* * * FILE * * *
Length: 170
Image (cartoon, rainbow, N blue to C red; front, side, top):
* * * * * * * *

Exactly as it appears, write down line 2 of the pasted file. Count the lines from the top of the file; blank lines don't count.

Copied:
Image (cartoon, rainbow, N blue to C red; front, side, top):